Handle With Care (1988) – The Traveling Wilburys

It’s fascinating watching the making of the Wilburys and the process by which they realised a track. Jeff Lynn recalled, ‘Just sitting around in a circle, like 5 of us just strumming acoustic guitars and coming up with a song in a couple of hours. It was almost ready to record. It was unbelievable stuffThe whole thing took six weeks from the first chord to the finished mix of the last song.
Petty said, ‘The whole experience was just some of the best days of my life and I think it was probably for us all. The thing that might be hard to understand is what good friends we were..it was a bunch of friends that just happened to be really good at making music….None of this would have happened without him (George Harrison). It was George’s band and it was a dream he had for a long time.’

Handle With Care is the 4th song to feature here from The Traveling Wilburys, but it was the debut hit single as the opening track of their album Traveling Wilburys Vol. 1. I think it’s one of the most significant songs of the last 50 years. It peaked at number 45 on the Billboard Hot 100 in the United States, number 2 on the Billboard Album Rock Tracks chart and was a top-five hit in Australia and New Zealand.

According to wikipedia: The song was the first recording made by the group, although it was originally intended as a bonus track on a European single by George Harrison. When he and Jeff Lynne presented the song to Harrison’s record company, the executives insisted it was too good for that purpose, a decision that resulted in the formation of the Wilburys.  With no professional studios available at such short notice, Harrison phoned Bob Dylan, who agreed to let them use his garage studio in Malibu (see image left – wikipedia). Tom Petty, who had also been working with Lynne in Los Angeles, was invited the following day, when Harrison went to retrieve his guitar from Petty’s house. George said, I have the first lines, ‘Been beat up and battered around‘, and Dylan asked: ‘So what will we call it‘? George saw a box laying there with the sticker and responded ‘Handle With Care‘ and Dylan responded ‘Oh yeh. Good.’  

Been beat up and battered around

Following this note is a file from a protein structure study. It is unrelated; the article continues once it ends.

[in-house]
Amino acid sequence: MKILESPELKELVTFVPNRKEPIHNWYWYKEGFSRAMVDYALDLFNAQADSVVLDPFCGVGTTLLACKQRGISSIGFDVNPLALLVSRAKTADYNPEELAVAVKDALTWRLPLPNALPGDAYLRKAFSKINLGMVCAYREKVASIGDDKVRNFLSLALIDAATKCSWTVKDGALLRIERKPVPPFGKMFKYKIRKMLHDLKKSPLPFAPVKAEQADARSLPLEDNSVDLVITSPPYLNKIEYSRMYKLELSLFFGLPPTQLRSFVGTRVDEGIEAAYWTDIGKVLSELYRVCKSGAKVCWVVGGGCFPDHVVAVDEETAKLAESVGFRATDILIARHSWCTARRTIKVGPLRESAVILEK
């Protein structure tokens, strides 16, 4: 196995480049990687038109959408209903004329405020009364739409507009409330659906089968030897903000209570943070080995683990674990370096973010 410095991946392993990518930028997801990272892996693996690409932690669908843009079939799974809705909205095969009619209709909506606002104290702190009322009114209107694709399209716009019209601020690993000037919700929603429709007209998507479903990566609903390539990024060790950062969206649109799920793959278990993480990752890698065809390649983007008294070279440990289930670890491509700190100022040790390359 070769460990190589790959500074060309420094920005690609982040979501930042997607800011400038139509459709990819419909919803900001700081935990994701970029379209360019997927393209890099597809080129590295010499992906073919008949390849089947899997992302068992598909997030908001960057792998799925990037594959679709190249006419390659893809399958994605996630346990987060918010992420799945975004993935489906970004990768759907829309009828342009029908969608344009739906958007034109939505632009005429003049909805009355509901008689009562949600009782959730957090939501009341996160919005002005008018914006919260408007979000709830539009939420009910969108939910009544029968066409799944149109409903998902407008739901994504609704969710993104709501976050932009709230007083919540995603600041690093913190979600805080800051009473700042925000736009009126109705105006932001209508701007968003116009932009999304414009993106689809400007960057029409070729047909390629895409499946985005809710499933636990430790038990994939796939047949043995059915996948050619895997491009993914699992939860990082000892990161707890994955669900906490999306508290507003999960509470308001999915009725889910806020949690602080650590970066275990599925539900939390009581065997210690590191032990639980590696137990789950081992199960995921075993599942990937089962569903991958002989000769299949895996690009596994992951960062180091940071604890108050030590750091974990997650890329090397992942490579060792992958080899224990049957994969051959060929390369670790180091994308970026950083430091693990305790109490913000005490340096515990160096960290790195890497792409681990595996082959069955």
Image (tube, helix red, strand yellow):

Been sent up, and I’ve been shot down
You’re the best thing that I’ve ever found
Handle me with care

Reputation’s changeable
Situation’s tolerable
But, baby, you’re adorable
Handle me with care

I’m so tired of being lonely
I still have some love to give
Won’t you show me that you really care?

Coupled with a fantastic lyric, this song has a stupendous acoustic and vocal harmony. I was in awe from first listen. I don’t know how many times I have heard this song over the years, but it’s a lot and I still find it a very pleasureable listening experience. It was an exceptional launching pad for the group. Petty and his band the Heartbreakers often performed Handle with Care in concert. Lynne sang it with them at the Concert for George, a year after Harrison’s death in November 2001. The music video below for Handle with Care was filmed at an abandoned brewery near Union Station in Los Angeles.

1. Hand With Care (song) – The Traveling Wilburies

“The more I live, the more I learn. The more I learn, the more I realize, the less I know.”- Michel Legrand

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8 comments on “Handle With Care (1988) – The Traveling Wilburys
  1. Badfinger (Max) says:

    It was such a relief in the 80s to hear MY music rather than heavy metal and synth driven music on the radio. I love the Wilburys to this day. This is one supergroup that lived up to it’s title.
    I don’t understand why more older artists don’t do this. Like John Fogerty, Neil Young, Paul Simon, Paul McCartney and others…I doubt if they would have the same magic but George had a winner here.

    • I’ve seen the making of documentary numerous times. It is apparent from George’s comments how difficult it was to get in contact with Bob. When he finally did get into Bob’s ear, he wanted to make the most out of it considering Dylan’s heavy schedule. What impressed me so much was how their was no ego in the group and the ease by which they churned out track after track. They all just seem so chilled. George and Roy were encountering a career Renaissance with their recent big hits so the timing of their formation was impeccable.

      • Badfinger (Max) says:

        Bob was at…for him a lower point in his career…this seemed to help him. Tweeter and the Monkey Man remains my favorite of the Wilburys….and I liked his song on the second album “If You Belonged to Me.”

        George probably missed a band setting…he sure recruited the best. I’ve watched that documentary many times also.

      • Tweeter is a compelling track and so original. It reminds me a bit of his blood on the Tracks ‘Lily Rosemary and the Jack of hearts’. I enjoy If You Belonged to Me’ as well. George did pretty good alright! You could tell Tom Petty was in awe at being around those guys.

      • Badfinger (Max) says:

        When Tom Petty called his mom excited he was in a band with Roy…you know you have a good band. And yea….no egos got in the way…and that is rare.

      • Yeh, that was a lovely recount from Tom. Some of the best days of his life, he said. It was kinda magic how that all came to be.

  2. It’s a wonderful song from a magical collaboration of legendary artists.

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